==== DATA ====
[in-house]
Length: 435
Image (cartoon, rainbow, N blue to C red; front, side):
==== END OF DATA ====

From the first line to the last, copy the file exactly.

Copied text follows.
[in-house]
Length: 435
Image (cartoon, rainbow, N blue to C red; front, side):